Curriculum

Implementing the New Zealand Curriculum

THE LEARNING AREAS

English (reading, writing, oral and visual language), The Arts (Dance, Drama, Music, Visual Art), Health and Physical Education, Learning Languages/Maori, Mathematics and Statistics,

Science, Social Sciences (Social Studies), and Technology – are all implemented at Waitoki School.

Waitoki School recognises that success in English is fundamental to success across the curriculum. We aim to develop in students the skills, knowledge and attitudes which will enable them to cope confidently with the literacy of everyday life. This is achieved by planning and implementing a meaningful teaching and learning programme that focuses on the skills of Listening, Reading, Viewing, Speaking, Writing, and Presenting.

 

Mathematics learning at Waitoki School is structured around three strands: Number and Algebra, Geometry and Measurement, and Statistics. Our students learn to develop the ability to think creatively, critically, strategically and logically. Wherever possible we integrate mathematics skills into other learning areas in ways that will help them make sense of the world around them.

 

THE KEY COMPETENCIES – Capabilities for Living and Lifelong Learning

The New Zealand Curriculum identifies five key competencies:

Thinking; Using Language, Symbols, and Texts; Managing Self; Relating to Others; Participating and Contributing. Their development is encouraged and monitored at all levels of our school.

ATTITUDES AND VALUES

Through their learning experiences, students will learn about:

  • their own values and those of others;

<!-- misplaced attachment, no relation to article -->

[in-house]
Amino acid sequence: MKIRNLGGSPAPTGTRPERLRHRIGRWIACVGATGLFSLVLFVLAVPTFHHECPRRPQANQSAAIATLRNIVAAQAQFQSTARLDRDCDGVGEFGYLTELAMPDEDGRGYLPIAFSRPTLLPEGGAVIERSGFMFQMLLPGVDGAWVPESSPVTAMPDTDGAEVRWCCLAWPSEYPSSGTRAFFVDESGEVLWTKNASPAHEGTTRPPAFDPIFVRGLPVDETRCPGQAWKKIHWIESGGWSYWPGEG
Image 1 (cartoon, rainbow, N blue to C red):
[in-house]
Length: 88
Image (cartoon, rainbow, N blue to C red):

• different kinds of values, such as moral, social, cultural, aesthetic and economic values;
  • the values on which New Zealand’s cultural and institutional traditions are based;
  • the values of other groups and cultures.

 

Through their learning experiences, students will develop their ability to:

  • express their own values;
  • explore, with empathy, the values of others;
  • critically analyse values and actions based on them;
  • discuss disagreements that arise from differences in values and negotiate solutions;
  • make ethical decisions and act on them.

 

Learning programmes support students meeting (and surpassing J) the

READING, WRITING AND MATHEMATICS NATIONAL STANDARDS

Reports – Learning Progress and Achievement

The gathering of information to report individual student’s progress and achievement is an ongoing process. This occurs through observation and assessment.

Learning and achievement discussions occur twice annually. These provide further opportunity to discuss students’ progress and current learning goals.

Two written reports are issued through each year. Mid-year and at the end of year (Year 4-8) and approximately six monthly depending on anniversary/time at school dates (Year 1-3).

If you wish to discuss aspects of your child’s learning at any time, please make contact with their classroom teacher.